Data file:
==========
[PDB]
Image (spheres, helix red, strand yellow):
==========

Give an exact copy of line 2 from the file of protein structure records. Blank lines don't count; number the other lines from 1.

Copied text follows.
Image (spheres, helix red, strand yellow):